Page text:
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TBI laws effective in reducing concussions among high school athletes

A new study using data collected in a national sports injury surveillance system by researchers at the Colorado School of Public Health at the University of Colorado Anschutz Medical Campus has found that state-level TBI laws are, in fact, beneficial in reducing the rates of new and recurrent concussions among U.S. high school athletes. Between 2009 and 2014, all 50 states and the District of Columbia enacted one or more traumatic brain injury (TBI) laws, more commonly known as concussion laws. These laws often include mandates to remove athletes from play following an actual or suspected concussion, a medical clearance before they can return to play, and annual education of coaches, parents, and athletes regarding concussion signs or symptoms.

The study, led by Dr. Ginger Yang at the Center for Injury Research and Policy at Nationwide Children’s Hospital with researchers from the Colorado School of Public Health and Temple University, is published in the November 2017 edition of the American Journal of Public Health. The study found that rates of new and recurrent concussions initially increase after a law goes into effect due to mandated reporting, but this is also likely due to greater awareness of the signs and symptoms of concussion itself. The authors also indicated that approximately 2 ½ years after a TBI law is in place, the data indicated that rates of recurrent concussions resulted in a significant decline.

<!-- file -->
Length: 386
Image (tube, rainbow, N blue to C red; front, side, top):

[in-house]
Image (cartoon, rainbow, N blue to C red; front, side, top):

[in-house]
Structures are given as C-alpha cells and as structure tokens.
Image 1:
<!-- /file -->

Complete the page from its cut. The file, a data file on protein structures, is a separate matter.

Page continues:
“These concussion laws follow in a long-line of successful legislation efforts in public health injury prevention,” said Dawn Comstock, PhD, principal investigator of High School RIOTM  (Reporting Information Online), the national surveillance database that tracks high school sport injuries at the Colorado School of Public Health. “These laws in particular were passed quickly and are truly effective as found in the data and this study. What is even more interesting is even though there isn’t an enforcement of these laws—people wouldn’t be ticketed like they might be with speeding or not using their seatbelt, these laws did make a difference. It is a great example of how legislative efforts can actually drive public health and injury prevention.”